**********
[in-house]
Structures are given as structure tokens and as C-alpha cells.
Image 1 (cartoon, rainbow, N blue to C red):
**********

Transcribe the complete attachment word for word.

[in-house]
Structures are given as structure tokens and as C-alpha cells.
Image 1 (cartoon, rainbow, N blue to C red):